In April 2007, Photoshop C3 introduced the new, powerful Black-and-White tool. It can be used as an adjustment layer and features toning (or “tinting”). At the time, I was surprised that Photoshop did not implement the more powerful and useful split-toning of Lightroom. Toning is, after all, a popular treatment for photographs; many photographers tone shadows differently than highlights, and sometimes give the midtones yet another tone.
You could say that Photoshop features the ultimate toning tools: duotones and quadtones. This is true, but this method has its price. Once you use duo-/quadtones, Photoshop switches to a different color model, leaving the RGB workflow. I want to stay in the same color model (RGB), and I also like the toning process to be non-destructive.While an alternative would be to use the split-toning provided by third-party printer drivers, I want to do the toning and print the toned image from inside Photoshop.
To understand the basis of this method, let’s start by toning with a single color. Begin by simply adding an adjustment layer using the Photo filter. Using the Photo filter is easy; my settings are shown in Figure 2 and explained below:
• Color (not one of the presets): I select a very light tone.
• Density: I set the density to 100% and then tune the layer strength via the Layer Opacity slider.
• Preserve Luminosity: This is enabled to keep the original tonality.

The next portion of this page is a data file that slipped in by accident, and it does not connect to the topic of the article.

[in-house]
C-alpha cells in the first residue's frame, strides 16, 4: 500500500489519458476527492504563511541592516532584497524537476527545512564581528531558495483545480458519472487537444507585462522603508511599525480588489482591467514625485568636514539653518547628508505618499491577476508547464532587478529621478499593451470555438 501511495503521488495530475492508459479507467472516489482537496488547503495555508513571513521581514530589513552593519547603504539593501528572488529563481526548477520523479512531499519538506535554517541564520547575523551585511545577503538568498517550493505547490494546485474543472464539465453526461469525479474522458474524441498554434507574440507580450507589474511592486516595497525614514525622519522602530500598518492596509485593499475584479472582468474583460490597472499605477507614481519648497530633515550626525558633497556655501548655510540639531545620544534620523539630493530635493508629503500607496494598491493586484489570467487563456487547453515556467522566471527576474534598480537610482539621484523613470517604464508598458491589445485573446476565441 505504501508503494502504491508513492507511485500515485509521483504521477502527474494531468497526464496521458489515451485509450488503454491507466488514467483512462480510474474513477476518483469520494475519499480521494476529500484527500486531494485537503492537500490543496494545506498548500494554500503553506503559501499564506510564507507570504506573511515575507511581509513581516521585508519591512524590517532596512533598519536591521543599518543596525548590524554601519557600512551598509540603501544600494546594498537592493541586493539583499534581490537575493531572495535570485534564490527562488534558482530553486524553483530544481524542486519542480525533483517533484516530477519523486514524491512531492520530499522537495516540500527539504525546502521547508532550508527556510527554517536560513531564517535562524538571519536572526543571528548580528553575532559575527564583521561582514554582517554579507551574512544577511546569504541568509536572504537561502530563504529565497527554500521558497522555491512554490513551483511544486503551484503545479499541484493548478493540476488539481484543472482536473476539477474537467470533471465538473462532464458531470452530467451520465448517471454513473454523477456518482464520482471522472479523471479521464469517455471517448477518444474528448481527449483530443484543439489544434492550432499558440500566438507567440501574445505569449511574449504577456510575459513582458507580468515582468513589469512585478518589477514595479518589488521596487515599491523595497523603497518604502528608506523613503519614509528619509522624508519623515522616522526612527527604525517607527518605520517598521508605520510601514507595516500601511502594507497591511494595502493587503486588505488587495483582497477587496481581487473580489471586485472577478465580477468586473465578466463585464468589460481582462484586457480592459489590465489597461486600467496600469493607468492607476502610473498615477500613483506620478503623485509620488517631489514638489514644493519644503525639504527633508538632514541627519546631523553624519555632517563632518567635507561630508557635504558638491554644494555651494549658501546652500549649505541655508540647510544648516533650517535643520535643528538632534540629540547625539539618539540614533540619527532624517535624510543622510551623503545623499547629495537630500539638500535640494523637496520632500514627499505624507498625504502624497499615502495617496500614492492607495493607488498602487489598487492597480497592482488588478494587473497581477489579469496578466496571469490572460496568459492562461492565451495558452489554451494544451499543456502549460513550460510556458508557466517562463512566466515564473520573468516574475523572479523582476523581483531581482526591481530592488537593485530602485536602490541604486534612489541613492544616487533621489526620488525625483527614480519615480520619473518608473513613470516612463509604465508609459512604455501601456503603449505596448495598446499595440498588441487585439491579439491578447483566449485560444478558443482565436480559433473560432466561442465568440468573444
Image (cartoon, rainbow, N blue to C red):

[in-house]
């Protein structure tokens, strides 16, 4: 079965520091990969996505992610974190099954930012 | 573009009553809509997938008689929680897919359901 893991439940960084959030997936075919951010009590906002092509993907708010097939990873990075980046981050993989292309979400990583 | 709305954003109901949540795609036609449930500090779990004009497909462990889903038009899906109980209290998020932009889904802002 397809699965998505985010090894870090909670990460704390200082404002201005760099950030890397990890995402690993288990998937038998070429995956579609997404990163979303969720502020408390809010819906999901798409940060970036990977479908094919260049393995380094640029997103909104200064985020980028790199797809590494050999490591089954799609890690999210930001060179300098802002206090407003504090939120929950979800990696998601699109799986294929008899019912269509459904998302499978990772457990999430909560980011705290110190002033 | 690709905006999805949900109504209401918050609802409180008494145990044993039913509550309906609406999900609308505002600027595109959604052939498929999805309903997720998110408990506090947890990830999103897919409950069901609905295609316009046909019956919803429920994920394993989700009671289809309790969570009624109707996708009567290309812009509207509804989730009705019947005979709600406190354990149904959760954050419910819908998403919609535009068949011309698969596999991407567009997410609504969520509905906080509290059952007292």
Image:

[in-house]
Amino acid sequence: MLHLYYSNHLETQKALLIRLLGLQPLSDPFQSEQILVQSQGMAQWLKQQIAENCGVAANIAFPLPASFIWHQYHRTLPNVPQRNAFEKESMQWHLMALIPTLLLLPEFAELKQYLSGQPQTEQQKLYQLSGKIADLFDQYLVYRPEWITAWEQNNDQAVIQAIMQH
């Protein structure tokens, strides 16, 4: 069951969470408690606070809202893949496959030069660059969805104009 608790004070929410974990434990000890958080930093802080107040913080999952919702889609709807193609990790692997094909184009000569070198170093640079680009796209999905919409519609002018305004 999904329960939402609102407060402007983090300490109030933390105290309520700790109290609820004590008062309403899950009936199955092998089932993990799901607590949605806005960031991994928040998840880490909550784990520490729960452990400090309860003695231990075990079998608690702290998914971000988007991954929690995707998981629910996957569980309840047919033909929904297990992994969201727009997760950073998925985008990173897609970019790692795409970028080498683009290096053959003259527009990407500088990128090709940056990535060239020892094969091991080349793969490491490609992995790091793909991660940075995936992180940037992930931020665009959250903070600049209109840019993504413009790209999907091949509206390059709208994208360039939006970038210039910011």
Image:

I made the effect a bit stronger here than I do on real prints so that it is easier to see in a magazine reproduction.Very subtle toning can be seen on prints from today’s printers.
Now I create two of these layers with different colors for the highlights and shadows. I used the Photo filter for the highlights and the settings in Figure 3 for the shadows, employing two layers to do so. You also can see that I have the opacity down to 20%. As it stands now this is not really split-toning because both layers affect the whole tonal range (and would actually add two different single tones on top of each other). Here is what we need to do:
• Restrict the shadow layer to a shadow tonal range.
• Restrict the highlight layer to a highlight tonal range.
• Define a reasonable overlapping blending range.
The solution is provided by Photoshop’s Blending Options feature within the Layers dialog. I set them differently for each layer, as in Figure 4, to split the tones. The sliders in the red-marked area control the blending. (It may initially appear as if there are only two sliders, but Option-clicking on these sliders allows each to be broken into parts.)
Let’s examine the highlight blending. The left-most black triangle starts at 105 and the next black triangle is at 157, while both white triangles are at 255. This means that if the tone in the layer is below 105, the Photo filter has no effect. Between 157 and 255, the effect is 100% of whatever the Photo filter settings are. From 105 to 157, this effect gets gradually stronger (this is the blending range).
Similarly, the shadows display the Photo filter’s effect at 100% strength between 0 and 115, and not at all between 176 and 255. The blending range is 115 to 176.
Using the same methods, you can create split-toning with more than two colors. I’m not sure it makes sense beyond a three-color scheme, however, as the results become too complex.
I have taken the method I’ve outlined one step further and created a free Photoshop CS3/CS4 script that creates these layers based on input data. This way you can define your standard toning just with a few parameters, can store multiple image recipes, and easily share them with other photographers.